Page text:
It's no coincidence that classes always end up being divided into "data model" classes and "service/doer" classes. That's because, at the end of the day, we aren't working with real-world objects -- we are working with data, and database tables, and form inputs, and query parameters. And those "objects," so to speak, don't really have "behaviors." They aren't actors in an interaction between each other. They are just static data.

And at the heart of every business model is one very acute problem: the data we have doesn't yet look like the data we want. We have a user's name, but we want their email address. We have a database full of customer data and subscription plans, but the data we actually want is a table of billed accounts, so we can get paid. And how do we do this? By feeding the data we have into a process, a flow, which reads that data, calculates which actions to perform, and then executes those actions, giving us the data we want. This can be perfectly modeled using ordinary functions.

Here's what I've noticed. Every single sane OO codebase looks a lot like FP in terms of the architecture and design patterns they use. They use patterns like "event emitter," or "observable," or "pull-stream," or "mediator." All of those patterns are, at their core, about lining up a pipeline of functions to execute when you want to read/update state across your program. That's how NgRx works in the Angular framework. In fact, the various "RX" (reactive extensions) libraries you find in most OO languages are essentially just a super complicated way to implement FP patterns in a class-oriented, imperative paradigm.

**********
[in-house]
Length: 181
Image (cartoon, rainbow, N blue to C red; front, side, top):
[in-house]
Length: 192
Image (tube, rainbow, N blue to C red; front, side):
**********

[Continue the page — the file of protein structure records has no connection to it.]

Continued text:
To be very clear, these patterns fundamentally break encapsulation, but we do it anyway, because "encapsulation" was a false promise all along. It turns out that hiding your data in an object and letting the object be "responsible" for that data is just a nice way of sweeping complexity under the rug and hoping for the best. Nothing the object does with its data can be communicated to the world (unless you use the observable or event-emitter patterns), it's not expressed in the type system, nor does anyone know what happens to it, except for the implementer of the class... and even that person probably doesn't know how every state transition works in every situation in which an external object calls one or more of its methods.

In short, OOP is about hiding information from the programmer. This is often considered to be a good thing, since it reduces the mental overhead of solving high-level problems. BUT (and this is not OOP's fault, per se) hiding that information comes at a cost. In particular, the imperative and mutable nature of our code means that all kinds of things can happen under the hood without anyone knowing, and that is the fundamental reason that bugs exist.

In contrast, FP strives to empower the programmer to see all the information they care about, and also to removing the need to think about the entire program's state while solving an isolated problem. It effectively removes state from the equation. Yes, this comes at a "cost," you might say, since the only way to do "stateless programming" is to compose pipelines of data transformations. And not everyone knows how to do that right off the bat. But it's far from "academic." It's just different, and it solves a real world problem that most programmers have to deal with every day.

If there is one thing I would leave you with it's this:

The opposite of FP is not OOP, it's imperative programming. It just so happens that most OO-first languages are designed around imperative programming, and that's why FP always seems so foreign to OO programmers. It's that imperative, procedural aspect of the methods we write that makes our code brittle and requires merciless testing.